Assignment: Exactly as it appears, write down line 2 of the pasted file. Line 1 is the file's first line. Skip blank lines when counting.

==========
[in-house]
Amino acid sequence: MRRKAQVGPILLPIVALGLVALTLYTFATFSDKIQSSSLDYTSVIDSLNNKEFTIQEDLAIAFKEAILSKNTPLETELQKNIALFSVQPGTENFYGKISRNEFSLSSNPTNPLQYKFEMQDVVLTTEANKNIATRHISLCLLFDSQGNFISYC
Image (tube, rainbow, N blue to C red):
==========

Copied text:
Amino acid sequence: MRRKAQVGPILLPIVALGLVALTLYTFATFSDKIQSSSLDYTSVIDSLNNKEFTIQEDLAIAFKEAILSKNTPLETELQKNIALFSVQPGTENFYGKISRNEFSLSSNPTNPLQYKFEMQDVVLTTEANKNIATRHISLCLLFDSQGNFISYC